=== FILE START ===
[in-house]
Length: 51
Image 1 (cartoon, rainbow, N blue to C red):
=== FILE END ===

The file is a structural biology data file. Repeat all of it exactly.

[in-house]
Length: 51
Image 1 (cartoon, rainbow, N blue to C red):